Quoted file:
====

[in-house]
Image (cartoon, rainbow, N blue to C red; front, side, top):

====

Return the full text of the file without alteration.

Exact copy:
[in-house]
Image (cartoon, rainbow, N blue to C red; front, side, top):